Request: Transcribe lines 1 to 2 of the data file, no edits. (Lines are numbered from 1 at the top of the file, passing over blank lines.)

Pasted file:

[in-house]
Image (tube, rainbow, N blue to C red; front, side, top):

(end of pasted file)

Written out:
[in-house]
Image (tube, rainbow, N blue to C red; front, side, top):